TGFβ1 has been implicated as a key effector in mediating Epithelial-Mesenchymal Transition (EMT), my ofibroblastic transdifferentiation and fibroproliferation in the fibrotic diseases of the lung. ATII cells show high differentiational plasticity: either transdifferentiation into ATI or a myofibroblastic phenotype might occur during the disease course. Factors regulating alveolar epithelial differentiation and EMT have high importance in lung regeneration therapy. The support of mesenchymal cells likely contributes to the homeostasis and regeneration of pulmonary epithelium. To study these mesenchymal effects, we constructed a 3-dimensional (3D) human tissue model of primary human ATIIs and pulmonary fibroblasts to mimic epithelial-mesenchymal interactions in the lung.
ATII cells were obtained from lung cancer resection specimens from patients with normal lung function (n=10). ATII cells in the 3D model retain more differentiated epithelial phenotype compared to conventionally cultured cells (n=4). This is indicated by the higher expression levels of Aquaporin (AQP)3 (p=0.04) and AQP5 (p=0.19), Surfactant Protein (SP)-C (p=0.11) and E-cadherin. (p= 0.37) Cells cultured in 2D showed elevated markers of EMT over time whereas 3D cultured cells had significantly lower expression of mesenchymal markers N-cadherin (p<0.01), α-Smooth Muscle Actin (αSMA, p<0.01) and the transcription factor SLUG (p<0.01). This suggests that our co-culture model is more relevant in modelling lung diseases in vitro than monolayer epithelial cultures.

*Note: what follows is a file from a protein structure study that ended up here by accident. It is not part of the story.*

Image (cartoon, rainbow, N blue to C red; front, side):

We found that externally added recombinant Wnt11 (administered at 1µg/ml) inhibits phenotypic changes induced by TGFβ1 in 3D ATII+fibroblast co-cultures (n=6). Lung epithelial differentiation markers AQP3 (p=0.19), AQP5 (p=0.04), and SP-C (p=0.12) showed elevated expression levels upon the addition of Wnt11 to TGFβ1-treated cell cultures. Moreover, 1µg/ml Wnt11 blocked the EMT-inducing effects of 10ng/ml TGFβ1 in terms of the expression levels of SLUG (p=0.01), Vimentin (p<0.01) and αSMA (p=0.04).
Our findings indicate that Wnt11 – which is naturally secreted by pulmonary cells - might contribute to the homeostasis and repair of epithelial cells. Our finding that the effects of TGFβ1 can be antagonised by Wnt11 may mark Wnt11 as a potential therapeutic target in fibrotic diseases of lung.